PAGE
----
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Why Investors Should Be Careful Approaching IntelGenx's PDUFA Date

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IntelGenx Technologies(OTCQB:IGXT) has risen 100% since December 12th on prospects of its Anti-Migraine Versafilm product being approved by February 3rd's PDUFA date, and it's clear why investors are excited. IGXT has already proven that it can bring a drug through approval to market (Forfivo XL) and by all accounts it's Versafilm product has a great chance at approval. First, let's ignore that has received enough press on internet message boards that people should become wary of whether it's obtained a "pump and dump" status(For instance, this user appears to be a proponent of "dumping", while this user appears to be a "pumper"), and that since January 17th, 38% of all volume on it's trades are investors shorting the stock. It appears a large sell off is occurring today, with the stock briefly hitting 90 cents at one point.
But we're not here to put the merits of IGXT's price movement on trial, so let's continue on.

The the Anti-Migraine Versafilm drug is an oral-film product that delivers the drug Rizatriptan, which is marketed by Merck Pharmaceuticals under the trade name Maxalt-MLT. That is, it is a generic product of an already approved drug. Contrary to popular believe, if we read between the lines, what is being approved here is not the drug, but the delivery method itself. Results indicate that the product is safe, and that the 90% confidence intervals of the three relevant parameters Cmax, AUC(0-t) and AUC(0-infinity) are well within the 80 - 125 acceptance range for bio-equivalency. Nobody can know for sure if the drug will be approved, so let's look at both scenario's

The FDA Rules No

This result is simple, IGXT heads to the bottom of the ocean. I don't say this lightly, but it's clear that the entire company portfolio is essentially built upon Versafilm's delivery method. If the FDA does not approve the product, a drug that has already been approved and has a satisfactory bioavailabilty compared to Maxalt-MLT, then they are essentially saying that something is flawed in the delivery method itself. This will call into question not only potential revenue achieved from the migraine drug(a market of $2.5 Billion dollars), but the upcoming ED drug, as well as the Buprenorphine/Nalaxone drug as well that is currently under development by Par Pharmaceuticals (a $1.5 Billion market). Some investors may also be excited about their erectile dysfunction product in development, but we can't be ensured that it'll ever get to market. Nothing is ever a sure thing in the biotechnology world. The only thing IGXT would have to go on after being told no by the FDA is existing revenue. It brought in only 804k through 9 months, compared to 2012 where it made $1.198 million for the calendar year. Let's assume IntelGenx continues it's pace, and reports 2013 revenue of 1.072 million. I thought companies were supposed to increase revenue, not decrease it. Anyway, industry wide, biotechnology firms average a 10.27 ratio for price to sales.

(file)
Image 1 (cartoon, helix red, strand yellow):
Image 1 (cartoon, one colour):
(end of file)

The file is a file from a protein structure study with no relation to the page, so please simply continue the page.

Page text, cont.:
With 56 million outstanding shares divided by 11,009,440, IGXT has a fair value of 19.65 cents a share. Right now, it is clear that approval has already been more than priced into the market value of the company's shares, closing at 1.04 as of January 27.

The FDA Rules Yes

Let's face it, if the FDA approves IntelGenx's migraine drug on February 3, it's positive for the company and it may be positive or negative for investors. As I explained earlier, I believe approval has already been priced into IGXT's shares, and would expect a sell off to occur prior to or right after approval. As of right now, the company's shares are worth roughly 20 cents.